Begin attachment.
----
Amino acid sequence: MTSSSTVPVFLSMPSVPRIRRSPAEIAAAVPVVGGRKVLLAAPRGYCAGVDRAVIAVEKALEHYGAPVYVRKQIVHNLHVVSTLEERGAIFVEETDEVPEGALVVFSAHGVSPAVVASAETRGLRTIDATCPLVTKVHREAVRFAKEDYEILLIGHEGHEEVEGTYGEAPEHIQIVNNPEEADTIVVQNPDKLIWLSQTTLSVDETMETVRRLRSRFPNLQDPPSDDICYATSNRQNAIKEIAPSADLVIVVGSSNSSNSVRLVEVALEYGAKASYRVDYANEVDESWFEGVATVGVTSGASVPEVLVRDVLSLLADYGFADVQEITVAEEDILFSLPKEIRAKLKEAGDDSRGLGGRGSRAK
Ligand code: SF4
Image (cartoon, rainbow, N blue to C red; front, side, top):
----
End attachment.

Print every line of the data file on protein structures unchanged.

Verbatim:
Amino acid sequence: MTSSSTVPVFLSMPSVPRIRRSPAEIAAAVPVVGGRKVLLAAPRGYCAGVDRAVIAVEKALEHYGAPVYVRKQIVHNLHVVSTLEERGAIFVEETDEVPEGALVVFSAHGVSPAVVASAETRGLRTIDATCPLVTKVHREAVRFAKEDYEILLIGHEGHEEVEGTYGEAPEHIQIVNNPEEADTIVVQNPDKLIWLSQTTLSVDETMETVRRLRSRFPNLQDPPSDDICYATSNRQNAIKEIAPSADLVIVVGSSNSSNSVRLVEVALEYGAKASYRVDYANEVDESWFEGVATVGVTSGASVPEVLVRDVLSLLADYGFADVQEITVAEEDILFSLPKEIRAKLKEAGDDSRGLGGRGSRAK
Ligand code: SF4
Image (cartoon, rainbow, N blue to C red; front, side, top):